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Graft Transmission of Systemic Resistance of Cucumber to Anthracnose Induced by Colletotrichum lagenarium and Tobacco Necrosis Virus. A. E. Jenns, Graduate student, Department of Plant Pathology, University of Kentucky, Lexington, 40546; J. Kuc, professor, Department of Plant Pathology, University of Kentucky, Lexington, 40546. Phytopathology 69:753-756. Accepted for publication 31 January 1979. Copyright 1979 The American Phytopathological Society. DOI: 10.1094/Phyto-69-753.

Resistance to anthracnose, which was induced by infection of the first true leaf of cucumber cultivar SMR-58 with Colletotrichum lagenarium or tobacco necrosis virus (TNV), was transmitted to a scion of the same cultivar grafted onto the infected plant above the first true leaf. Resistance also was transmitted if grafting preceded the inducing inoculation. Resistance to anthracnose in susceptible cucumber was not transmitted by grafting onto uninoculated resistant cultivars but it was transmitted if the resistant rootstocks were inoculated with C. lagenarium. Susceptible cucumbers remained susceptible to anthracnose when grafted onto rootstocks of pumpkin and squash which were uninoculated or inoculated with C. lagenarium or TNV. C. lagenarium did not produce visible lesions on pumpkin or squash leaves, but TNV did so. Watermelons and muskmelons grafted onto susceptible cucumber rootstocks were protected against anthracnose by inoculating the rootstocks with C. lagenarium. The “signal” for induced systemic resistance is not cultivar-, genus-, or species-specific.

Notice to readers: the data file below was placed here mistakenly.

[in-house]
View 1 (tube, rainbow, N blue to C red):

Additional keywords: biological control.